Jack Twyman: http://www.wcpo.com/dpp/homepage_showca ... chievement
Bob Lanier: http://bonabandwagon.proboards.com/inde ... hread=3461
Gerald Green: http://basketball.realgm.com/article/208687
Lorenzo Romar: http://community.seattletimes.nwsource. ... ug=romar16
Cedric Maxwell: http://lexnihilnovi.blogspot.com/2008/0 ... title.html
Swen Langeberg (Nater): http://articles.latimes.com/2004/feb/16 ... briefing16
Keith Closs: http://articles.latimes.com/1997/oct/23/sports/sp-45960
John Wall: http://articles.latimes.com/1997/oct/23/sports/sp-45960
Dwyane Wade: http://articles.baltimoresun.com/2003-0 ... den-eagles
Thurl Bailey: (8th grade):
The Statesman - Sports
Hard work pays off for former Jazz man
By Julie Ann Grosshans
You name it, Thurl Bailey has done it.
The former Utah Jazz forward left his 16-year basketball career to follow his passion of being an inspirational speaker and entertainer.
Last Thursday, the Spectrum became his most recent outlet for preaching to high school students and the community about believing in yourself and never giving up.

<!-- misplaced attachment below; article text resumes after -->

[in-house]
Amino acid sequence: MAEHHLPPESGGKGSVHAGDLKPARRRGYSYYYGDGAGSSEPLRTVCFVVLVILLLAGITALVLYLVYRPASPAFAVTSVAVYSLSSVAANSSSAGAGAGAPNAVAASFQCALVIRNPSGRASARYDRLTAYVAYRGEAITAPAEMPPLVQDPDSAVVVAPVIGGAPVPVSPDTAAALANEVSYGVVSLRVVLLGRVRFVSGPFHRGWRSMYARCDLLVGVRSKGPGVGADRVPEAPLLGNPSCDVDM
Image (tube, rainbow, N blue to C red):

"It would be presumptuous to say that you guys should know who I am," Bailey said to a group of about 50 people. "I had a 16-year professional basketball career and I'll tell you it was the most awesome thing that could ever happen to me in my whole life. I realized the dream of playing professional basketball."
It didn't come easy, though, as he recounted his story to the group.
When Bailey was about 12 or 13 he was watching basketball on TV with his dad when he noticed a particular player. It was Julius "Dr. J." Erving playing for the Philadelphia 76ers.
"I remember he was like the Michael Jordan of that time," he said. "I was mesmerized by how this guy was playing. I knew that day that I wanted to be like Dr. J. I wanted to play in the NBA."
There was a problem, though.
Bailey wasn't a born basketball star. And the only way to get better was to practice and play on an organized team.
His family was poor so his dad created a make-shift court in the drive way with a trash can as the hoop and a round object that somewhat resembled a basketball. It was the best they could do at the time.
The Baileys would spend time outside together learning different aspects of the game. His dad taught him how to do a hook shot, and his mom was a master of granny free throws.